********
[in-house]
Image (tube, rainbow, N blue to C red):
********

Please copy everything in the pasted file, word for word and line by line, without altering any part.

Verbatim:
[in-house]
Image (tube, rainbow, N blue to C red):